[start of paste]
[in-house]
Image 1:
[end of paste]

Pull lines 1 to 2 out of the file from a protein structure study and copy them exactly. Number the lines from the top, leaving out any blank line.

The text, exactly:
[in-house]
Image 1: